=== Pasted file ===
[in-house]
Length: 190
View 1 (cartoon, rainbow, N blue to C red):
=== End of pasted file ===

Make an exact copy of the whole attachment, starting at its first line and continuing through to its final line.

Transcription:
[in-house]
Length: 190
View 1 (cartoon, rainbow, N blue to C red):